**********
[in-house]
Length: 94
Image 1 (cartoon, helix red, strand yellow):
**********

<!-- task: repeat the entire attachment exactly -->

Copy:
[in-house]
Length: 94
Image 1 (cartoon, helix red, strand yellow):